Here we use chemical proteomics to study the relationship between the anticancer drug molecules and the dying cell phenotypes induced by these molecules13. Chemical proteomics has traditionally been defined as the use of small molecules (which are considered known entities) in studying the unknown functions of proteins14. Recently, chemical proteomics began to designate also the opposite approach, in which proteome analysis is applied to studying functions of small molecules13,15,16,17,18.
We have previously shown that when sensitive cell lines are treated with a toxic compound, its targets and mechanistic proteins are consistently found among the most regulated ones; mapping these proteins on known networks can reflect the compound MOA. This observation served as a basis for the chemical proteomics method called Functional Identification of Target by Expression Proteomics (FITExP)19. In many cases, the affected target and other mechanism-related proteins are found up-regulated. This can be explained by a feedback effect when inhibition of certain proteins activates their (over)production20. The alternative effect, involving target protein down-regulation, can be caused by, e.g., protein proteolysis21. Such feedback phenomena have also been documented in more primitive organisms22,23.
The classic FITExP experiment increases the specificity for a given compound by adding a panel of other molecules. The specificity parameter in FITExP reflects the protein regulation for a given compound compared to regulation by other molecules. Therefore, proteins specifically responding to a compound of interest can be identified. Using the specificity parameter, FITExP could successfully identify the targets of several chemotherapeutics19, probe the targets and MOA of metallodrugs24 and even toxic nanoparticles25. We have also shown that combining the proteomics data from treated matrix-attached and matrix-detached cells can improve the deconvolution of drug targets and MOAs17. Achieving a high level of specificity in analysis usually requires the use of several compounds and cell lines. We hypothesized that the equivalent increase in specificity can be obtained in a single-cell line with a multitude of contrasting compounds.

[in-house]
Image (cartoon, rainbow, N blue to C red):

Here, we profile 56 compounds at LC50 concentrations and show that contrasting the proteome signature of a single compound against others highlights a given compound’s target and mechanistic proteins on the top positions in most cases. Furthermore, we show that the contrasting panel for a single-cell line can be reduced to 8 compounds. With this miniaturization opportunity, using 9 molecules representing orthogonal MOAs, deep proteome datasets are obtained for 3 major cancer cell lines: MCF-7, RKO, and A549. When the data from the three cell lines are combined, common targets and MOAs are revealed, while investigation of the differences highlights important cell-specific mechanisms. The ProTargetMiner database is expandable using the provided user interface that, in turn, is modifiable as it is written in R Shiny. The input is the fold changes of proteins in a number of replicates for a given compound in the desired cell line(s), and the output is an interactive PLS-DA model with extractable rankings, providing the likely drug target and MOA. ProTargetMiner is also directly available through http://protargetminer.genexplain.com.